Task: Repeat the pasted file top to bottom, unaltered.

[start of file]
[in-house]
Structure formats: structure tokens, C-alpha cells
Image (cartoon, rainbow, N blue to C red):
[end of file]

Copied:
[in-house]
Structure formats: structure tokens, C-alpha cells
Image (cartoon, rainbow, N blue to C red):